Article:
“We have a lot of work to do in terms of damage assessment,” he said. “We don’t understand yet what we’re dealing with …

Read it all.

Posted in * General Interest, Weather

Rich Hailey–Gas Prices: The Real Story

Here’s how it worked. The Knoxville area has several bulk fuel storage depots. Some belong to the chain outfits, others are run by wholesalers that supply independent gas stations. In either case, they manage their storage levels to maintain a competitive retail price. When the price of gas is rising, they maintain a relatively full inventory. This means that on average the gas they store always costs less than the current spot price. On the other hand, when gas prices are dropping, they keep inventories low, so they aren’t holding a lot of gas that cost them more than the market price.

It’s the exact same thing you do to minimize how much you pay for gas. If the price is going up, you fill up in the morning before the price changes go into effect, and you fill the tank full. When the price is going down, you guy your gas in the afternoon, after the price changes, and you buy just what you need. The wholesalers and bulk storage facilities do exactly the same thing, except on a much larger scale. Gas prices have been plummeting lately, so all of the bulk storage facilities have been keeping their stocks low.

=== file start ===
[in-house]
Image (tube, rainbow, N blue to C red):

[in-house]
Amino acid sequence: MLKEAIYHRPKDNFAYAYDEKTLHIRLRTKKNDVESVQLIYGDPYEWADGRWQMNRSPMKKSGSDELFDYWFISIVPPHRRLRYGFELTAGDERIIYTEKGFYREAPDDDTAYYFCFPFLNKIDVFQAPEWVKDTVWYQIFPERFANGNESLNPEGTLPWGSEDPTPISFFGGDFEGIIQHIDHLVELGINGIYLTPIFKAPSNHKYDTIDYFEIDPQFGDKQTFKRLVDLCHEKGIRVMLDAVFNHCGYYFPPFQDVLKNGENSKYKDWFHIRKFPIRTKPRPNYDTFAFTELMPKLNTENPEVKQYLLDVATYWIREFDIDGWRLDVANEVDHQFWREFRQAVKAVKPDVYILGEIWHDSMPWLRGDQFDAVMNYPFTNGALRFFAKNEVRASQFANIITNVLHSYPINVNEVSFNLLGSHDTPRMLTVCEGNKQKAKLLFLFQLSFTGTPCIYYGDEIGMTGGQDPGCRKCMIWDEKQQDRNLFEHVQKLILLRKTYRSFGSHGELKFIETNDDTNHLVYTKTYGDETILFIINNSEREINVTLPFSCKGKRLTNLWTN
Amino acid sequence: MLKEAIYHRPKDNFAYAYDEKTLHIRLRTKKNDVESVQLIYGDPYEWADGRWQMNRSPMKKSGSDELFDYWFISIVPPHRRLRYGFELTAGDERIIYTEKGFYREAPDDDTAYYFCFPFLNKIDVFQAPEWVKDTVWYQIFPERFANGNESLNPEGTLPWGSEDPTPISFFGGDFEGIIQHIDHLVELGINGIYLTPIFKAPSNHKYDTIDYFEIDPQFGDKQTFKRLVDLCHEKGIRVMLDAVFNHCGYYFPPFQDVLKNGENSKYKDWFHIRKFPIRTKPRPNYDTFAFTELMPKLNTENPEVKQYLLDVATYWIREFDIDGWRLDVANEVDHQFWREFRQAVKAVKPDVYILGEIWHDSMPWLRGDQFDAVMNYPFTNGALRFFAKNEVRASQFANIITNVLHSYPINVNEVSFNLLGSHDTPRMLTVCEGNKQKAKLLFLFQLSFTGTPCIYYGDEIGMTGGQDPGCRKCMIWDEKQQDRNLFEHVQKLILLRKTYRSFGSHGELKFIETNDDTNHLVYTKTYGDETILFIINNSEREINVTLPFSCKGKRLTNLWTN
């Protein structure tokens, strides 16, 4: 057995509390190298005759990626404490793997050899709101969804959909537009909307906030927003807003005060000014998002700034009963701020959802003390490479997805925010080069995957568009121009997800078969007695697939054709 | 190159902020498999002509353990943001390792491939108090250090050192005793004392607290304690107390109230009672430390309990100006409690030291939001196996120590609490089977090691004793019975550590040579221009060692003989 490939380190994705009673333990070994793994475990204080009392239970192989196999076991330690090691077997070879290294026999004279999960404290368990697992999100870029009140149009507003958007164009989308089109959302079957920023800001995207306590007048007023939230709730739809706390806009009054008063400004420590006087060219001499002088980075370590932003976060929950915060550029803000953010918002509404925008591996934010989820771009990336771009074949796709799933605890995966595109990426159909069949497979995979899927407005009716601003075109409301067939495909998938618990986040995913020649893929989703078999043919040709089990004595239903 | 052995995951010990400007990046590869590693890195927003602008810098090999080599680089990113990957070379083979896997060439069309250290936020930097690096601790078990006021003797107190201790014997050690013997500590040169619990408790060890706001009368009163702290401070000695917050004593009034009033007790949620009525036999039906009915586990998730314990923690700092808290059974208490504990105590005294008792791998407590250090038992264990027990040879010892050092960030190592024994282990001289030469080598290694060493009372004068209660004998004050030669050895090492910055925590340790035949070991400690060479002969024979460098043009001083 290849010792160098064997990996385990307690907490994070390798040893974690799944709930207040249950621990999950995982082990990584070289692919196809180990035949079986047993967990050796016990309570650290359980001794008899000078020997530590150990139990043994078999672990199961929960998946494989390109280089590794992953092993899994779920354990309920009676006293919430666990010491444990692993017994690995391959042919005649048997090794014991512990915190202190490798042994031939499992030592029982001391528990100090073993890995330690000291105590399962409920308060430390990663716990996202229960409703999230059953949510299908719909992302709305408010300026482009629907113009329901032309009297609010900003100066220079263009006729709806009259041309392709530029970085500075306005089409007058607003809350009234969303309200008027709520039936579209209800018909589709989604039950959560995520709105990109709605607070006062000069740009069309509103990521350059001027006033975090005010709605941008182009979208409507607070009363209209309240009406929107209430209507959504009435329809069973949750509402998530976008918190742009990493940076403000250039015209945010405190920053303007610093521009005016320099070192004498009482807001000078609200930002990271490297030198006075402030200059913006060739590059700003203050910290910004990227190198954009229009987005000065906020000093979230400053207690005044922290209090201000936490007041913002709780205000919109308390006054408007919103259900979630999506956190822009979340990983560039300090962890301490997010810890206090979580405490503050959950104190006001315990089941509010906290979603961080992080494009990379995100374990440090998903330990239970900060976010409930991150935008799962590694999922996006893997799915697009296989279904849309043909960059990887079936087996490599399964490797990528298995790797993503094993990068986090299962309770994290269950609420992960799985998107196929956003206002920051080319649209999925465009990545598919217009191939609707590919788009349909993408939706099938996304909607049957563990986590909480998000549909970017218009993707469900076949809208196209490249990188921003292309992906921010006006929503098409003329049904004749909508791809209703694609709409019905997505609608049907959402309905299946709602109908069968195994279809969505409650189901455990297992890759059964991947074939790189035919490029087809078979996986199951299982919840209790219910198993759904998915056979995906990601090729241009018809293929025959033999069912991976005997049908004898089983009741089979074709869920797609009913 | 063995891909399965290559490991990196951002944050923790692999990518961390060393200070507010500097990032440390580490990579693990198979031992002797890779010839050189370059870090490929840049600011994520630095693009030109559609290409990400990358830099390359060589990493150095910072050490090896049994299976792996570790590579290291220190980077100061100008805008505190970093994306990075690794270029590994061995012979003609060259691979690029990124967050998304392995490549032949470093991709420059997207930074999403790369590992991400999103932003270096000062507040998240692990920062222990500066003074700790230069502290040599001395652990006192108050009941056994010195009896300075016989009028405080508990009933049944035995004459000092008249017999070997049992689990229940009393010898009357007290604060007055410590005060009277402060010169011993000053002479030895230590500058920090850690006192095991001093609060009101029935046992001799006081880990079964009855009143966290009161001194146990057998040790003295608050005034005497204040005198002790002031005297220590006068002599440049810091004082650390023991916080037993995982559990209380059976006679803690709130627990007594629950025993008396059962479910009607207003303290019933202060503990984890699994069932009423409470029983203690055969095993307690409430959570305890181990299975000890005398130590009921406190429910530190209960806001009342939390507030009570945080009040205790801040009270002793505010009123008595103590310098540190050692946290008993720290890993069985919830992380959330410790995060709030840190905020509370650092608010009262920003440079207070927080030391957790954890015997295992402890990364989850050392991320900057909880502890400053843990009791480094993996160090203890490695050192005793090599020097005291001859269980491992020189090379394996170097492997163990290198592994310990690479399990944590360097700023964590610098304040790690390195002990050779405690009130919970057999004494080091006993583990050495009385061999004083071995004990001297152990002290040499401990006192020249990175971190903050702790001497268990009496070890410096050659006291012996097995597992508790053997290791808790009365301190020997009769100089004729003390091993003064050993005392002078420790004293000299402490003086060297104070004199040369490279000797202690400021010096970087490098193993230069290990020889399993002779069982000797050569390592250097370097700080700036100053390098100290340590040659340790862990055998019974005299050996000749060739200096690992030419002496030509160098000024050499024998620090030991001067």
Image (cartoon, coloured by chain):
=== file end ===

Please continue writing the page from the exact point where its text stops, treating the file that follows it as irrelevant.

Then along came Gustav, which impacted the ability of refineries to deliver fuel to the regional and local bulk storage facilities. That hasn’t been a huge deal because they were drawing down their stocks anyway. But now Ike is headed for Galveston, and the pipelines are being shut down completely. And that is where the fertilizer hits the propeller. When you’re in a low stock condition, you are relying on a steady flow of gasoline to maintain smooth distribution. When that steady flow is disrupted, you’re only hours away from shortages.

It’s been more than a few hours, and shortages are already here.

Read it all.

Posted in * Economics, Politics, Economy, Energy, Natural Resources